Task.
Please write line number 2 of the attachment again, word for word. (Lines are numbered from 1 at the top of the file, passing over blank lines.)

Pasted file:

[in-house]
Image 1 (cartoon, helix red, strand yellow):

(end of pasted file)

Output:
Image 1 (cartoon, helix red, strand yellow):